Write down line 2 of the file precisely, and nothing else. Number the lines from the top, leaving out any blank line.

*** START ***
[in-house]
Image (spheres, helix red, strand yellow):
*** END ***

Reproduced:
Image (spheres, helix red, strand yellow):